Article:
After arterial switch heart operation, the baby is a man on the move

About 30 years ago, the first babies got arterial switches to fix transposition of the great vessels. Now we are seeing the results.

Logan Carroll is a young man on the move.

A junior at Western Kentucky University, Carroll spent last summer biking 3,600 miles across the United States to raise money for Alzheimer’s research with his fraternity, Phi Gamma Delta. He also enjoys distance running, camping, hiking and, of course, hanging out with friends.

Carroll sounds like your typical, energetic college student, right?

“I definitely feel like a normal 21-year-old kid,” Carroll said.

Once you take into account his medical history, however, “normal” seems like an understatement.

Carroll was born with a congenital heart defect called transposition of the great vessels, according to his cardiologist, J. Whit Boone, M.D., with Pediatric Heart Care Partners.

It’s a condition that in previous generations had little chance of survival. But the arterial switch surgical procedure has yielded excellent results over the years. Erle H. Austin III, M.D., cardiothoracic surgeon at Norton Children’s Hospital and the University of Louisville, performed the operation on Carroll when he was just a few days old.

Arterial switch means not just survival, but a chance at a normal life

In a healthy heart, the right chamber pumps low-oxygen blood to the lungs through the pulmonary artery. The left chamber pumps high-oxygen blood to the body through the aorta. In Carroll’s case, these critical blood vessels were quite literally transposed. His body was not getting enough oxygen, according to Dr. Boone.

Dr. Austin moved Carroll’s key blood vessels. This early intervention, and Carroll’s vigilant care over the years, helped him grow into the active young man he is today.

Carroll’s only restrictions are to avoid isometric weight training because of the strain it could place on his heart, according to Dr. Boone, but he can run and ride his bike as much as he wants.

Before any surgeries existed to correct transposed blood vessels, 50 percent of babies born with this defect died within a month. Up to 90 percent did not live to see their first birthday, according to Dr. Austin.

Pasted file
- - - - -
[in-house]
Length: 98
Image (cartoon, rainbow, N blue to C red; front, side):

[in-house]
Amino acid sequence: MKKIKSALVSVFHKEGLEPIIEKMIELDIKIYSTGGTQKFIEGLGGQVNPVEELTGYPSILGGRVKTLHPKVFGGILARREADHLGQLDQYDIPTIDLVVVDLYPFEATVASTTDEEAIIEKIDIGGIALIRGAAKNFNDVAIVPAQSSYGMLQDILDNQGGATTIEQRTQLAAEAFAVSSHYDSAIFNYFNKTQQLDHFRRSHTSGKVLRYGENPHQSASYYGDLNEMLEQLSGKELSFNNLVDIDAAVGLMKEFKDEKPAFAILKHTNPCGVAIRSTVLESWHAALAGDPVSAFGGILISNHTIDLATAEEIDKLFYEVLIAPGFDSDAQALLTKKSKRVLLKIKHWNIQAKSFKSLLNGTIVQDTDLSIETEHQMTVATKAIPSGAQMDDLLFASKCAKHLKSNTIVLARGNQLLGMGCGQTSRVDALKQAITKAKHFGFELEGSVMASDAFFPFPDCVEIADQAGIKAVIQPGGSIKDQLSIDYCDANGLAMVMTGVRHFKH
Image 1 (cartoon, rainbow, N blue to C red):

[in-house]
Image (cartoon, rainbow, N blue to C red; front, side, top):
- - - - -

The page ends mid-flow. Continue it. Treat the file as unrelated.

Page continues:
“When I meet parents who have a baby with this defect, I tell them that we have an operation available that has good outcomes, not just in terms of survival but in terms of being able to live a normal life,” he said. “Some patients who have this procedure become athletes.”

Living life to the fullest

Carroll does not take his second chance for granted.

“As a person who, 21 years ago, was given this great chance to live a good life, I feel like it’s important for myself and others who have experienced that to give back,” he said. “It has also really helped me live my life in the best way I can.”

Norton Children’s Heart Center

With a long legacy of leading pediatric heart care, Norton Children’s Heart Center pursues our mission to keep your child at the heart of everything we do — while supporting the needs of the entire family.

In addition to his recent Alzheimer’s bike ride, Carroll is on the executive board and serves as sponsorship chair for Dance Big Red, a Western Kentucky University student-led fundraiser for Norton Children’s Hospital. As part of the event, he has connected with other Norton Children’s heart patients and their families, and that has kept him coming back each year.

Hope for the future

Dr. Boone said Carroll is in excellent health today. Families who have babies born with a similar heart defect should be reassured by his story. They can not only survive after surgery, but thrive.

The switch operation was a huge step forward for pediatric heart surgery when it was first introduced in the late 1980s/early 1990s.

“We are just starting to see data on the long-term outlook for babies who had the procedure,” Dr. Boone said. “They are living normal and healthy lives, with normal life expectancies.

“I see families in my office all the time whose 2- or 3-year-olds just had this procedure done, and they’re worried about what the future holds,” he said. “It’s great to be able to say to them, ‘I have a patient just like your child who had the same operation 21 years ago, and he just rode his bicycle from the West Coast to the East Coast.’”